Jacques Demy's THE YOUNG GIRLS OF ROCHEFORT is such a special treat--so bright, light and airy, full of wonderful music and dance--that it's difficult to over-rate it or not recommend it. And yet. Demy is a cinema artist who always verged in the precious (in my opinion he rarely toppled over), and this may cause trouble for some. His "Umbrellas of Cherbourg" has always seemed to me a heavy-handed, repetitive, sentimental downer; "Young Girls" is very nearly its polar opposite. (Demy's wife, the wonderful filmmaker Agnes Varda, has overseen the reconstruction of this classic, and we owe her quite a debt!) Michel Legrand's music here is full of jazzy, astonishing riffs and lots of melody. Accompanying it are some delightful lyrics that are translated fittingly--if not precisely--into equally delightful English. Catherine Deneuve and her late sister Francoise Dorleac are wonderful in the title roles, and they're helped immensely by the likes of Danielle Darrieux, George Chakiris, Grover Dale, Gene Kelly (yes, an American in Rochefort!), Michel Piccoli and a young and exquisitely beautiful Jacques Perrin. The dancing is a joy, as well, as you'd expect from a film that offers Chakiris, Dale and Kelly. Characters sing of their lives and lost loves, and everything--from the pastel-painted city to the gorgeously coordinated costumes--is as unbelievable yet as wonderful as an enchanted dream. I remember enjoying the film when it first appeared. Now, it seems not only of its time but ahead of that time and so special and perfect that I suspect certain of us will want to revisit it every few years, for as many as we have left. In a word: transporting.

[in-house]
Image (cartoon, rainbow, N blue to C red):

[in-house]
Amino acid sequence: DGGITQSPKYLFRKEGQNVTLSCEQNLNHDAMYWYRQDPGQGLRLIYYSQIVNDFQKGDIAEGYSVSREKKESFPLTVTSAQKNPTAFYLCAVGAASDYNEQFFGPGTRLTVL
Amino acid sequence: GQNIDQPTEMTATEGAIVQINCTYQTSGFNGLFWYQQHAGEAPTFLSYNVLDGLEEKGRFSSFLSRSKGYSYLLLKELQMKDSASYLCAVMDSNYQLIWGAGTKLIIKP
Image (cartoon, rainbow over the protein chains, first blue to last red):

Reviewed by gurghi-2 9 / 10 / 10

And I Don't Even Speak French!

(with apologies to Jonathan Rosenbaum...) Watching the Hollywood musicals of Astaire and Kelly, one can't help but marvel at the skill and precision of the dancing and the mise en scene, and be buoyed by the very idea that the world could be so perfect, if only in a movie. "Rochefort" isn't perfect in the same way, but in pushing the musical to a different plane it achieves a kind of perfection, one dependent not on the talents of its cast or, as the popular Broadway musicals were, on the book & lyrics. (Which is not to say that there isn't great music! Themes are repeated, to be sure, but Legrand's melodies delight, and there's more musical variance here than in "Umbrellas of Cherbourg".) Musicals, like most popular entertainment, usually serve to reinforce our ideals. The 30 years since its release may have been kind, but "The Young Girls of Rochefort" is a rare thing, an entertainment that challenges, flies in the face of convention. Of special note are the colors, delightfully absurd; the English subtitles, much of which read in perfect sync (including rhymes) with the music (a coinciding English-language verson was shot but never released); the macabre- this has to be the happiest musical with a song about an ax-murder. The world in which this movie exists hasn't been seen on the screen before or since. Of course, all musicals are fantasy of a kind, but Demy takes it somewhere else. It is one of film's truly unique experiences.